There Is A Tide (Weiner)
The Liverpool trio’s third album in as many years amps up the grunge influences while frontman Michael Edward sounds like he’s been using brillo pads on his larynx. There is a brief introspective acoustic moment with Last Man Standing, but otherwise everything else (and including an noisy electric alternative) is designed for those who prefer things ripped out and blisteringly loud, the thundering urgent opener I’m Only Falling Apart nodding to Led Zep and also offering up the heavy, brooding Audience, the savage howl of We Eat Our Young and the dirty metal funk Pink//Pond before closing with a seven minute Dead Skin that suggests the ghost of Jim Morrison might have been hanging round the studios as well as that of Cobain.
LITTLE GREEN CARS
Fronted by Steve Appleby and Faye O’Rourke, the Dublin quintet has been through the emotional wars since the release of their debut album, Absolute Zero, back in 2013. Dropped by their major label, the members also went through relationship break ups, self-questioning and two deaths, including that of guitarist Adam O’Regan’s father. They’ve come through it all unbowed, though inevitably the album is seamed with songs about change, transition and loss. Indeed, one of the tracks is titled The Garden of Death (”gone at the age of 21”), delivered by Appleby in a melancholic trebly ache reminiscent of Neil Young, while the falsetto sung You vs. Me lays out the collapse of a relationship and O’Rourke takes lead on the similar themed I Don’t Even Know Who with its drumsticks clicking percussion adding to the edginess of the anguish.
It’s not all gloom and despair, the twanged guitar coloured, hushed sung album opener The Song They Play Every Night looks to healing, on the slowly building Easier Day O’Rourke, at times sounding like a darker Dolores O’Riordan, sings that things get better and, backed by piano and a simple repeated guitar figure, Appleby revisits those Young shades for the look to the future Winds Of Peace. The time between has seen them develop into a hugely confident and accomplished outfit capable of delivering numbers like the haunting Brother and uplifting waltzing album closer The Factory where, to a swell of cathartic guitars, Appleby sings “I’m alive again” in a way that makes you believe in a resurrection of the soul. Stunning stuff.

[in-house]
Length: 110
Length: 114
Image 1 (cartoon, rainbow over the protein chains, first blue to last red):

Know Where To Run (Central Control)
Largely inspired by photos taken while travelling across the States touring with Nick Cave and the Bad Seeds, the erstwhile Magazine bassist’s 10th solo album is a heady, noirish affair that introduces itself with the cinematic synth and organ instrumental In Other Worlds suggesting a meeting between The Exorcist and Twin Peaks as distorted voices, guitars and drums kick in. The road then arrives at the mutant Elvis dirty blues of Cine City where he talks about spending more money than the Black Eyed Peas before Come Away channels Cave and Cohen on swaying piano-backed folksiness. Choppy country blues take hold on the steam loco rolling rhythms driving Death Takes A Holiday, then it’s time for the lazing, strings-dripping croon of the has been lounge singer in Claw & Wing where Scott Walker hangs out on French streets before the camera switches to follow the car chase through the city streets of six minute instrumental Texas Crash with its clattering percussive rhythm and wailing sirens. Playing out with the feverish splashed Mr Greed with its blues organ and drum and bass skittering, the driving urgency of the Doors-like Up In The Air and end credits murder ballad Evil Kind where a lush opening gives way to a frenzied, distorted climax, this is a soundtrack an imagined film collaboration between Terrence Malick and John Hillcoat.
CHRISTINE AND THE QUEENS
Chaleur Humaine (Because)